The UN High Commissioner for Human Rights Zeid Ra’ad Al Hussein has said he would ask the UN Human Rights Council starting its session from June 18, 2018 to consider establishing a commission of inquiry – the UN’s highest level probe – to investigate human rights violations in Indian Held Kashmir (IHK). This statement came on the heels of the launch of the first ever UN report on the human rights situation in Kashmir that pointed to impunity for rights abuses and lack of access to justice in IHK. Mr Hussein went on to say the Kashmir conflict had robbed millions of their basic human rights and continues to inflict untold suffering. The UN report on both parts of Kashmir noted that its focus was on the happenings in IHK from where reports of widespread human rights violations were received between July 2016 and April 2018. This was the period of the latest phase of the uprising in IHK in the wake of the killing of Burhan Wani by the security forces. Since then, the report cites civil society estimates that 130-145 civilians were unlawfully killed by the security forces using excessive force to quell the uprising. This approach also led to a very high number of injuries, especially due to the use of pellet shotguns, in which many protestors were blinded. The report discusses other elements of Indian repressive tactics including arbitrary arrests and detention (even children were not spared), torture, enforced disappearances, violations of the right to health, restrictions on the right to freedom of expression, reprisals against human rights defenders, restrictions on journalists, violations of the right to education, and sexual violence. It said the Indian security forces enjoyed virtual immunity under the Armed Forces Special Powers Act 1990. It also recommended investigation of alleged sites of mass graves. The report did examine the situation in Azad Jammu and Kashmir and Gilgit-Baltistan but drew a line of distinction between human rights violations there that it said were of a different calibre and more of a structural nature. In the end, the Office of High Commissioner for Human Rights called for a meaningful dialogue on Kashmir.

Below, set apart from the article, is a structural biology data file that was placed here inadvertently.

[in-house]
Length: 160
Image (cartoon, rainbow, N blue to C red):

The UN report emerged out of the refusal of both India and Pakistan to allow the UN unhindered access to both sides of Kashmir in the wake of the killing of Burhanuddin Wani and the heightened clashes and conflict in IHK that followed. Its launch now punctuates heightened clashes and ceasefire violations for many months on the Line of Control. The responses to the UN report follow the expected script, with Pakistan welcoming it as substantiating its efforts for some time to draw the attention of the world and the UN to the situation on the ground but rejected any interpretation of equivalence between the report’s section on Azad Jammu and Kashmir and Gilgit-Baltistan with the situation in IHK. India rejected the report as a selective compilation of largely unverified information that sought to build a false narrative that, according to it, violated the country’s sovereignty and territorial integrity. This last is the subterfuge India has been resorting to for many years in denial of the fact that the Kashmir dispute is still on the US Security Council’s agenda (albeit frozen). Interestingly, Indian army chief General Bipin Rawat appears to have mellowed his hardline view not so long ago that the Kashmiri youth cannot counter India’s guns and power. He now states that it is necessary to give peace a chance through dialogue, since the events of the last two years in particular indicate a growing recruitment to the ranks of the armed militants despite (or perhaps because of?) all the repression let loose on them. He said proxy war infiltration can be controlled but killing militant youth only provides more recruits to the insurgency. General Rawat may be using the camouflage of ‘proxy war’ to show his country and armed forces in a batter light, but his admission clearly points in the direction of the widening of the insurgency. Neither India nor Pakistan can wrest the whole of Kashmir by force, especially since both are by now declared nuclear weapons states. There is therefore no option but dialogue, including the Kashmiri people, to find a peaceful solution. Territorial changes are unlikely, therefore all sides must strive for a historic compromise that may leave the dividing lines as they are but soften the separation of families and people on either side, and encourage trade and peaceful interaction. When confidence grows, incremental demilitarisation could ensure peace returns to the conflicted land. But for this, the Modi government in India needs to abandon its hardline approach of repression and no dialogue. As General Rawat has pointed out, this is only perpetuating and making worse the troubles.